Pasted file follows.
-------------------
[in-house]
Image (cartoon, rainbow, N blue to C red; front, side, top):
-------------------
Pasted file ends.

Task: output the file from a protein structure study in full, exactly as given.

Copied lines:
[in-house]
Image (cartoon, rainbow, N blue to C red; front, side, top):